Binding studies were performed by Far-Western blotting. Recombinant proteins were separated by SDS-PAGE, then electroblotted onto PVDF membrane and blocked with 5% (w/v) skimmed milk at 4°C overnight. Subsequently, the membrane was incubated with human LN (Sigma; 5 μg/ml) or human FN (Sigma; 10 μg/ml) for 24 h at 4°C. Frequently, the membranes were washed three times with TBST and incubated with rabbit anti-LN (Abcam; 1:2000 dilution) or rabbit anti-FN (Boster; 1:2000 dilution) antibody at 37°C for 2 h, rinsed three times with TBST and then incubated with goat anti-rabbit IgG antibody (Boster; 1:2000 dilution). The specific bands were developed using substrate solution 3,3′-diaminobenzidine (DAB; Tiangen, China). The recombinant protein MRP was performed as negative control.
Recombinant Proteins Binding Assays by ELISA
Quantitative analysis of the binding efficiency was carried out following the previous report with some modifications (Esgleas et al., 2008). Briefly, Microtitre 96-well plates were coated overnight at 4°C with 100 μl of 5 μg/ml purified recombinant proteins. Casein coated wells were used as negative controls for non-specific adherence of LN or FN. The wells were rinsed three times with PBST [PBS, pH 7.4, containing 0.05% (v/v) Tween 20]. Then 200 μl 0.5% bovine serum albumin (BSA; Sigma) in PBST was added. Following the incubation, the plates were washed three times with PBST. Thereafter, 100 μl serially diluted of LN or FN was added and the wells were incubated at 37°C for 2 h. After several washes with PBST, rabbit anti-LN (Abcam; 1:2000 dilution) or rabbit anti-FN (Boster; 1:2000 dilution) antibody were added to every plate. The wells were incubated at 37°C for another 2 h, followed by three washes with PBST. The secondary antibody goat anti-rabbit IgG (Boster; 1:5000 dilution) were added to the corresponding plates and wells were then incubated at 37°C for 1 h. 3,3′,5,5′-tetramethylbenzidine served as the enzyme substrate according to the manufacturer's instructions. The chromogenic reaction was stopped by adding 50 μl of H2SO4 (2 M) to each plate and the wells were read at 450 nm with a microplate reader.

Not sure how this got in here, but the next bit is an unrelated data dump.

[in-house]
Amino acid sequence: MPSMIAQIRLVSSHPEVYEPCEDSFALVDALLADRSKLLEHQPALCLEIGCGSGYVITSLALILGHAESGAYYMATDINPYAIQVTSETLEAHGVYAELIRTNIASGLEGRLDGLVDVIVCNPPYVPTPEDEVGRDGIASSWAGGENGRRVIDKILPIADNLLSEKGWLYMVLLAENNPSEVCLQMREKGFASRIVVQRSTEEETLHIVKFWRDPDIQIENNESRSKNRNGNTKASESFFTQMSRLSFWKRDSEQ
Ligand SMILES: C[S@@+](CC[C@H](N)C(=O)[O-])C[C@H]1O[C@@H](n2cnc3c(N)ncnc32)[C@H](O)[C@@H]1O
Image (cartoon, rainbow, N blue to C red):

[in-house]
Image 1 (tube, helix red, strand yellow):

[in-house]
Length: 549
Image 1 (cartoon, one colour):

Indirect Immunofluorescence Assays
Immunofluorescence assays were conducted to visualize whether recombinant proteins can specifically bind to the Hep-2 cells. The cells in 24-well cell plates were performed as the customary procedure: washed two times with PBS, fixed for 20 min with cold acetone at −20°C, and then air-dried. The fixed Hep-2 cells (approximately 6 × 105 cells/well) were incubated with 100 μg/ml of purified recombinant proteins or BSA for 1 h at 37°C, and then washed three more times with PBS. His tag monoclonal antibody (Boster; 1:1000 dilution) were added to every plate and wells were then incubated at 37°C for 30 min. After washing, the cultured cells were incubated with goat anti-mouse IgG-FITC (Boster; 1:2000 dilution) at 37°C for 30 min. After a finial wash, the samples were examined using a fluorescence microscope (ZEISS, Germany).
Competitive Inhibition Assays